When you’re buying a flute, there are multiple ways to save money. One of those ways is to get a more basic model.

Heavier Weight

I’ve heard some players claim that a C# trill key adds too much weight to the flute and that it shifts the balance a bit. Unfortunately, I can’t compare that directly since I don’t have two flutes where the trill key is the only difference.

However, it’s worth considering if that’s true. It may be more noticeable to you than it is to me, even if I could test it.

If you’re already getting a flute with a heavy wall or that has some gold in it, that can also make it heavier. Adding a C# trill might just make it too heavy for you to hold comfortably.

Time to Get Used To

Like any new thing, it takes a bit of time to get used to the C# trill. You don’t have to worry as much about alternate fingerings or awkward trills.

But if you’ve played the flute for years, you might not have problems with those things. It could take a while to remember to use the C# trill when you’re able to use it.

Of course, once you do get used to it, playing will be much easier. You won’t have to think twice about the key.

Who Should Get a C# Trill Key?

Any serious flute player should at least consider getting the C# trill key on their next flute. Before I bought my pro model, I knew I wanted one.

That made it easier to search for flutes when it came time to buy. But if you’re more of a casual player, you can probably get by without it.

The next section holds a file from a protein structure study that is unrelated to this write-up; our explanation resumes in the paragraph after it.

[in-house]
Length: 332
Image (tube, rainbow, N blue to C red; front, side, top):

Can You Add a C# Trill Key to a Flute?

I haven’t heard of anyone adding a C# trill key to an existing flute. If you can do so, you’ll probably have to pay a lot of money.

A maker or tech will have to cut a hole in the flute to add the tone hole. They’ll also have to add the rod to make the spec work. So you could risk your flute not sounding as good if something goes wrong.

Can You Get a C# Trill Key on a Piccolo or Low Flute?

I’ve seen a couple of high-end piccolos with the option for a C# trill key. But it’s not very common to have one.

The same is true of low flutes, so you’d need a more expensive model. Also, if your alto flute has an ergonomic left-hand design, there may not be space for the C# trill tone hole due to where the thumb keys sit.

Will You Get a C# Trill Key?

A C# trill key is probably one of the best flute specs out there. If you’re looking for a new flute, consider getting the feature.

It can do a lot, and even if it does weigh a bit more, it’s worth it.

Do you want to commission a piece that shows off what a C# trill key can do? Contact me for a new work or an arrangement!